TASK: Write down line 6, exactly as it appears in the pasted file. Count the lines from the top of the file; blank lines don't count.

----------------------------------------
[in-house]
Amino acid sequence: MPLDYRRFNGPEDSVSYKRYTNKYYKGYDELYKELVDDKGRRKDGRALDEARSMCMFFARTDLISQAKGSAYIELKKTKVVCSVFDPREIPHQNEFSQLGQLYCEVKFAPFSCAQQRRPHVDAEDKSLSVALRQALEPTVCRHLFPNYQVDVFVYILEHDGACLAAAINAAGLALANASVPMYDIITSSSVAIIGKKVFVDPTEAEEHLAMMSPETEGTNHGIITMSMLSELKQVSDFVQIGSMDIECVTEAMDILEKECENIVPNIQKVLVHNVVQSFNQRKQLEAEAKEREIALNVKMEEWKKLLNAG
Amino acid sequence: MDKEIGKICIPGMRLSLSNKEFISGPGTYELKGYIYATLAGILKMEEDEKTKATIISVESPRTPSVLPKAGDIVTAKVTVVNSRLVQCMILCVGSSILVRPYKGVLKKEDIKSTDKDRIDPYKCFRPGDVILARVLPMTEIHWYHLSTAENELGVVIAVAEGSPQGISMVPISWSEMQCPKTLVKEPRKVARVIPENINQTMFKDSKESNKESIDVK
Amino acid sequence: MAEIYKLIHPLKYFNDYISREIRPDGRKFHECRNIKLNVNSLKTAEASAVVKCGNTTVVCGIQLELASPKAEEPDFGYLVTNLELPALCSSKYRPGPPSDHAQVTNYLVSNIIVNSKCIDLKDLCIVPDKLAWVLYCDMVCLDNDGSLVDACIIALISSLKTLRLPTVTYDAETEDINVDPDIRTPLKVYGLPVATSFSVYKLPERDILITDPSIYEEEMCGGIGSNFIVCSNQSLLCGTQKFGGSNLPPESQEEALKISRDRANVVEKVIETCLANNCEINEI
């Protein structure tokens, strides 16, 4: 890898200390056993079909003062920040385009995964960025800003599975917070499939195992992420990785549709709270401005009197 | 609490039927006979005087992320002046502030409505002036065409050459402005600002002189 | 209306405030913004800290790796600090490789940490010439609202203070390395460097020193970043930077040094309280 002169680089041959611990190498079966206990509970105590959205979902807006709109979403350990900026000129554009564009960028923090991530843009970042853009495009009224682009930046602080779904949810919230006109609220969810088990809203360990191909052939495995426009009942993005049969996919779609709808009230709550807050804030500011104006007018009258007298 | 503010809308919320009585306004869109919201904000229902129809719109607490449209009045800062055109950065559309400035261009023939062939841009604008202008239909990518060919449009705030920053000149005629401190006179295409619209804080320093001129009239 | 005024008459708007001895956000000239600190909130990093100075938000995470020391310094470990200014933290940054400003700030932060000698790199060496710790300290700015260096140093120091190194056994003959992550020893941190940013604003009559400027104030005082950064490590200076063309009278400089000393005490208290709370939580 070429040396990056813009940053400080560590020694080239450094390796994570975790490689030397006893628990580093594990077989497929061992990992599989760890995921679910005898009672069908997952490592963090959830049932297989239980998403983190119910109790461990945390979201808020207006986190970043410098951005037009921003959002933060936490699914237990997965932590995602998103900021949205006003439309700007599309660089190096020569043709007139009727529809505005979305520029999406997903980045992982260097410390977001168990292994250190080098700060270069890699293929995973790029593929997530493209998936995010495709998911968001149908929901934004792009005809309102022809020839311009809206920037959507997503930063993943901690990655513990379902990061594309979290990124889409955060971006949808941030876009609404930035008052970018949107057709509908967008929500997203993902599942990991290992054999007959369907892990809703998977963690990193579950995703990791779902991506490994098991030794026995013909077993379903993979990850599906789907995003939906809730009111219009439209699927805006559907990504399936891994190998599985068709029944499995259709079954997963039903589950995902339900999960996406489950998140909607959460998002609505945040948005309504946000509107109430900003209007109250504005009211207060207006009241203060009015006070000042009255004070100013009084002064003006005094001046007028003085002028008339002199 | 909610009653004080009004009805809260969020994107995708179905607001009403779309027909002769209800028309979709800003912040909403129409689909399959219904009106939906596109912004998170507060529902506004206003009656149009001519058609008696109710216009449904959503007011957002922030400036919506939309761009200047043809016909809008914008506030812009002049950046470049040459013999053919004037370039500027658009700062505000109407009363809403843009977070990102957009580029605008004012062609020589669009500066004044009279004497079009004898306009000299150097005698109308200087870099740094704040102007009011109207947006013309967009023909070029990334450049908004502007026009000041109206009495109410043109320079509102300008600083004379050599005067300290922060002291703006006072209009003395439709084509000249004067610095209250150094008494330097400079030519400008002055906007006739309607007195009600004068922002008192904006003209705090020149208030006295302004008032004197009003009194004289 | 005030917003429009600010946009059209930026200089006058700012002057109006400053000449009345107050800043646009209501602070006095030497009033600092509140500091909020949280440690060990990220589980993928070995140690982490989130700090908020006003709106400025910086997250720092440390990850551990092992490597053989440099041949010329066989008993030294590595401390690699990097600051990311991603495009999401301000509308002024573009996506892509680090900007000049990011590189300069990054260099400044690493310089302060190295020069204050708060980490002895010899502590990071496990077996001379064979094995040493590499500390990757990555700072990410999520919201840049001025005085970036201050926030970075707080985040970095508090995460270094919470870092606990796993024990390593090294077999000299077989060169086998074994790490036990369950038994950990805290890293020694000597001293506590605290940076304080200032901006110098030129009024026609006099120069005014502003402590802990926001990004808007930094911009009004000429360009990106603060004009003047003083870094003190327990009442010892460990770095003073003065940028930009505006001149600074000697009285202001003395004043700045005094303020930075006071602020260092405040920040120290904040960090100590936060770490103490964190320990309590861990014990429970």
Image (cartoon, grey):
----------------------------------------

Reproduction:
Image (cartoon, grey):